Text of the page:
Barriers in Acute Stroke Therapy: Evolution of Endovascular Interventions for Stroke

Author(s): Sun Jing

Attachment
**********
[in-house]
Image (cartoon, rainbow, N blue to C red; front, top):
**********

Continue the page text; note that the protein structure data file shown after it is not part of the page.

Whether interventional approaches to stroke neurology have lagged behind those aimed at heart attack for reasons biological or practical are topics for another day. However, the balance has changed. Tissue plasminogen activator (tPA) was first approved in the United States for intravenous administration to patients with acute stroke in 1996, and a study for catheter-directed intra-arterial infusion of a thrombolytic agent for this indication was first published in 1998. The first positive randomized controlled study using mechanical thrombectomy devices for stroke came from the Netherlands just last year, and results from 4 additional trials published in 2015 support combined treatment with tPA and catheterbased thrombectomy [1]. In the recent positive stroke trials, removable devices consisting of self-expanding, clot-retrieving stents achieved higher rates of recanalization than earlier methods of thrombus extraction, representing the first effective new treatment for stroke in nearly 20 years. The measures employed in these studies have lengthened the time-totreatment window and help guide the selection of patients who benefit most from acute endovascular intervention [2]. With absolute benefits substantially greater than systemic intravenous thrombolysis alone, the combination of intravenous tPA and endovascular therapy have improved outcomes for selected patients who receive endovascular treatment within 6 h of symptom onset [3].